Startup innovation capability from a dynamic capability-based view: A literature review and conceptual framework
While there is a rich body of literature on innovation, the concept of innovation capability (IC) is barely identifiable as a distinct construct. Startup IC is tacitly covered in innovation management, entrepreneurship, or small business literature. We suggest a dynamic capability (DC) approach to study innovation as a distinctive capability of startup firms. A semi-structured literature review of 125 articles combining various theoretical backgrounds is discussed, including the IC conceptualizations and operationalization that we extracted and clustered into a comprehensive yet synthetic framework. This paper suggests an IC construct as a higher order DC composed of three DCs—sensing, seizing, and transforming—and three layers of foundations—core IC, supporting IC, and startup entrepreneurial capabilities. This work adds to the emerging capability-based view of the innovation stream by addressing the specific case of startups. It recognizes their entrepreneurial nature and the important role of the entrepreneur’s capabilities and behaviors. It also contributes to the entrepreneurship theory by identifying the capabilities contributing to opportunity sensing and seizing and the capabilities required for transforming and shaping new opportunities. For practitioners, the IC framework offers a practical tool to assess startup ICs and identify strengths, weaknesses, and external complementarities.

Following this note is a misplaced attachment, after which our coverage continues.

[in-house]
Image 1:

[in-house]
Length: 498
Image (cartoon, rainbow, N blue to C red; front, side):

Copyright (c) 2020 Samia El Hanchi, Lamia Kerzazi
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